Data, Maps, Usability, and Performance

HTML5 Web Workers for AJAX Requests

Last updated on May 17, 2013 in Development

Web Workers and Ajax

Sometimes you need to load and process a ton of data on the client-side, but how do you do that without blocking the UI? The problem with JavaScript on the browser is that it runs on a single thread. In other words, two scripts or processes cannot run simultaneously. If you are processing JavaScript after page load, the end user cannot interact dynamically with the page. The JavaScript will not handle UI events while processing something else. If you process something large before page load, the end user has to wait all-together which is a horrible user experience.

Running scripts asynchronously also does not help as non-blocking does not mean concurrency. So, how do you process two JavaScript functions at the same time? As the title suggests, HTML5 has Web Workers which bring threading to JavaScript and this post is going to show how to use web workers to not only process multiple scripts at the same time, but also make AJAX requests in Web Workers.

Using Web Workers in JavaScript is really simple. Here is a good starting point:

This was pretty much taken from a great article on Web Workers from html5rocks and this is all you need to bring concurrency to JavaScript. You don’t even need a separate file for Web Workers, that link shows how to use a Blob() to “inline” your worker in the same HTML file. Now, can a web worker script execute an Ajax request? It sure can. Here is a simple example of making a XMLHttpRequest in pure JavaScript:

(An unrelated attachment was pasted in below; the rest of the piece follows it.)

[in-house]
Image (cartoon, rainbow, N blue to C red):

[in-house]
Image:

So, let’s put it all together. I created a simple JavaScript animation running on the main thread while I initiate a Web Worker to make an Ajax request for a JSON file. The web worker retrieves and processes the JSON file in the background while the animation is still running. The worker return JSON object as string to the main thread and puts that string into a DOM element. Instead of using a really big JSON file (couple megabytes at last to see the non-blocking effect), I inserted a setTimeout event to add some latency into the Web Worker. Here is the demo of Web Workers and XHR request running concurrently.

It surprises me that Web Workers are not used more often these days but I have a feeling that will happen in the future.


Debugging Web Workers in Chrome
Make your UI More Responsive
Speed up JavaScript apps with Web Workers
Web Workers 101
parallel.js – Parallel Computing with Javascript
Using Web Workers
Web Workers for image manipulation
Estimate the number of cores on your machine with web workers
New Tricks in XMLHttpRequest2
Catiline.js – JavaScript Library for workers
Concurrency in JavaScript

Tags: , , ,

Facebook Twitter Hacker News Reddit More...